Whoa-oh is both a pop-punk staple and a songwriting trick that finds its way across many genres. Is it a gimmick to create an easy anthem; a cheap way to fill in syllables; or does it not matter at all because, in the end, the songs that use it have burrowed their way into your memory giving a lasting memory of non-sensical words.
Scene Point Blank has been thinking long at hard about the philosophical ramifications and come to only one conclusion:
Naked Raygun – "Rat Patrol"
(Throb Throb, 1985)
This song is largely the inspiration for this list. Having caught back-to-back nights of Naked Raygun back in 2007, I was left with the whoa-oh melody stuck in my head for days—so much so, in fact, that it still pops in there for an hour here and there. Naked Raygun has an accomplished discography that's held up for pushing thirty years, but the rising energy that culminates with the "whoa oh," defines the live set perfectly, mixing hardcore energy and pop sensibility. Using the "whoa oh" essentially as a chorus, it gives a powerful boost but it doesn't feel like gimmick due to its placement as a refrain instead of a bridge. The crescendo two-thirds of the way in is just icing on an already ingrained hook. The band has explored a lot of territory over the years, but the marriage of pop and hardcore in "Rat Patrol" is hard to beat. (Loren)
Misfits – "I Turned into a Martian"
(Walk Among Us, 1982)
We could have easily chosen a number of Misfits songs, but "I Turned into a Martian" stands out as one of the more memorable Misfits tracks, as well as a blatant abuse of the phrase in discussion. I'm not going to break down a lyric sheet here, but let's just say there's a lot of filler going on here, and not just in the chorus, which reads basically as "Well, I turned into a martian / whoa-oh-oh/ [repeat]." While it's gotta be hard to come up with 1:43 worth of material on the subject of being possessed by a Martian and going on a killing spree, it really does feel like the song was meant all along as a vehicle to shout some cathartic melodies over the top of a percussion-heavy power chord. But, hey, I'm not sure that songwriting prowess was meant to be the Misfits legacy. (Loren)
The Arrivals – "Simple Pleasures in America"
(Volatile Molotov, 2010)
This is the most recent one on the list, and it's definitely utilizing it as a gimmick. Still, "Simple Pleasures in America" is a real song, building up for the first two-thirds before introducing the singalong factor. It's lighthearted and meant in fun, and it just makes sense to have something so bouncy fitting along with the pepped-up song. The song, which closes out Volatile Molotov, has become their set closer as well, and it's not uncommon to be standing in a venue talking with friends afterward and to continue to hear an audience chant of the "oh oh oh" refrain well after the stage lights have gone dark. The song celebrates the finer things in life, and what's finer than a singalong that everyone can jump into, familiarity with the record or not? (Loren)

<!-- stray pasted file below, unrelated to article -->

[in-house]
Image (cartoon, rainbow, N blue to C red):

AFI - "Sacrifice Theory"
(The Art of Drowning, 2000)
When it comes to "whoas," AFI are right there behind the Misfits. Rightfully so. The Art of Drowning is rife with "whoas," but there's something about "Sacrifice Theory" that sticks out to me. There's something very Misfits-esque in the whoas on this track than almost any other AFI track I can think of. It's that crack in the voice at the start of nearly every single one. At times, their whoas can be choral like in "Fall Children" or at the end of "At a Glance." Other times, it's filler like in "Of Greetings and Goodbyes" or "No Poetic Device." While it can be said for a lot of AFI's Nitro years, when it comes to "Sacrifice Theory," the whoas play an integral part of the music and lyrics in an exceptional way. (Aaron)
The Hold Steady – "Massive Nights"
(Boys and Girls in America, 2006)
In the name of varying our genres a bit here, I defer to 2006's Hold Steady song, "Massive Nights." On first listen to Boys and Girls in America, the song exemplified a new, poppier approach to the band's "bar rock" style. This song itself is something of the catharsis on this point on the record, drifting away from Craig Finn's well-documented sing-speak to culminate with a singalong moment of, well, massive proportions. It highlights not only a pinnacle of energy on a concept album, but also signifies the growth of the band in a new direction—now there's a phrase you won't often here in relation to a "whoa-oh" chorus. Sure, the band seems to have adopted a loftier, arena rock style in albums since, but it marked that the band was still in the process of defining their sound.
Any that we've missed? Let us know below.